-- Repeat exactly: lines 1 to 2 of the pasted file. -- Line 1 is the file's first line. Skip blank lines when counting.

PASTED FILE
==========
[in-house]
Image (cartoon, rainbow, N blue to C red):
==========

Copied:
[in-house]
Image (cartoon, rainbow, N blue to C red):